Postrel mentions Peter Thiel:
‘In speeches, interviews and articles, Thiel decries what he sees as the country’s lack of significant innovations. “When tracked against the admittedly lofty hopes of the 1950s and 1960s, technological progress has fallen short in many domains,” he wrote last year in National Review. “Consider the most literal instance of nonacceleration: We are no longer moving faster.”
She counters with the idea that while not predicted, we take our innovations for granted:
‘Technologists who lament the “end of the future” are denigrating the decentralized, incremental advances that actually improve everyday life. And they’re promoting a truncated idea of past innovation: economic history with railroads but no department stores, radio but no ready-to-wear apparel, vaccines but no consumer packaged goods, jets but no plastics.’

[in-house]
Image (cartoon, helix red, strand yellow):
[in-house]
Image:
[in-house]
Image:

Splashy innovations may not be necessary, Postrel argues, and could hinder the real progress being made, and that there are many people, for various reasons, who will put up barriers to that progress (there could be some danger in utopianism there, that has political implications as well).
Comments are worth a read.
Addition: Shouldn’t we still aim high?
From The American Interest: Francis Fukuyama Interviews Peter Thiel-’A Conversation With Peter Thiel’…A Few Thoughts On Foreign Policy-Adam Garfinkle At The American Interest: ‘Conservative Principles Of World Order’
It might be worth mentioning the importance that science and technology have had on our culture through science fiction, too, and how sci-fi writers have handled its relation to political philosophy, from Robert Heinlein to Jerry Pournelle to Paul Krugman via Isaac Asimov, to manifest destiny to colonizing the West etc: Paul Krugman At The Guardian: ‘Asimov’s Foundation Novels Grounded My Economics’